Monday, 10 May 2010

The Rat Parliament ii

I haven't written anything on here for a month or more because I was sick of politicians and related subjects. In fact I had resolved to close this blog down and put my efforts to more rewarding activities.
But the hung parliament is worth a few lines.
Cameron lost the election because he listened to Steve Hilton and Andy Coulson, the marketing men who called the shots on his campaign. They insisted he mouth liberal platitudes to capture the wavering Blairite vote. If Coulson and Hilton ever got their noses out of Notting Hill and saw how real people on average salaries are talking they would have known two things: one, the political attitudes of the young are created largely by 'Uni'. That is to say a decaff Marxoid reading of recent social history in which Margaret Thatcher is regarded as the antichrist. They will not vote Tory because of this and because of being spoonfed the same attitudes via BBC drama and others bits of pop culture. They cannot be wooed by boasting about gay marriages and black candidates.
Secondly, what Cameron lost by 'alienating' the youth and female vote in south by talking straight he could have won back with handsome interest in the North. I don't think it is an exaggeration to say he could have rampaged round the North on the issues that Gillian Duffy raised with Gordon Brown on that fateful afternoon. But these are politicians who only like to gamble with your money not their chance of power.
Cameron will now be firmly in the sights of the Tory Right-Wing.

The result of this election is that the Tories will never govern with a majority again. At least, not until the Union is broken up. Whatever farcical arrangments are announced today, the government will be weak, divided and vulnerable and will be disposed of in due course. Any concessions on voting reform will only bring about the Tories' end more swiftly. I am not overly troubled by the Tories going another step on their way to oblivion; but the fact is that if they now shrivel and make a Faustian pact with any sort of proportional representation then Mandelson's idea of perpetuating Project Blair/Brown through a 'progressive alliance' of LibDems and Blairites becomes a reality and that is not a government I wish to live under. The quickest way to see this country go the way of Greece, Spain and Portugal would be to have a Lib-Lab coalition. The IMF will be a frequent visitor to these shores.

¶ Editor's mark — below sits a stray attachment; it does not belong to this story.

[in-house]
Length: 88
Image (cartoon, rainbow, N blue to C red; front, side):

As for Labour, well. I was quite shocked by my friends' sentimentality about them. There can be no doubt they are one of the worst British governments of the modern era, whose cv of folly, corruption, warmongering, incompetence, arrogance and criminality is breathtaking. And yet people, intelligent people, were blithely prepared to vote for them once again. Apart from self-interest - some of them work in the Public Sector - I am at a loss to understand the motivation. Concern for the poor? The working man has been shafted by 13 years of Labour quite as much as they were under 18 years of Toryism. So why this devotion? Because 'they mean well'?
This is the ultimate sentimentality, isn't it? Judging a government on its *intentions* and ignoring the results.
Unlike the Tories, Labour will win again. We live in an era of infantilised minds easily gratified and hostile to complicated ideas or arguments. Someone else will always pay; cake can be had and eaten always; nasty decisions need never be taken. This is the view that Blair triumphed on and Gordon Brown presents to his client base of civil servants and welfare claimants under the 'invesment' rhetoric. Anyone who publishes anything to the contrary is a stooge of the right-wing press.

Clegg. The less said the better, really. Blair redux. They say Cameron will offer him the job of Home Secretary. There's a thought to make you shudder. See my analysis of the LibDems' manifesto from last year for a taste of how well they'll fit into a Tory cabinet.

Let's hope things will be OK. Or, see you in the riots.


Saul said...

Would you say that the expansion of tertiary education has helped cement a left of centre world view? If so it was a colossal own goal on the part of the Tories.

William Gazy said...

Hi Saul, yes I would. Thatcher's idea to expand the universities was a notion that stunk of one of the Tories' most ingrained sins: being easily seduced by a foolhardy idea which appeared as if it would make money out of thin air.
Academia has had a long revenge.

Saul said...

That and it was a good way to hide the true unemployment figures.

William Gazy said...

Without a doubt, yes.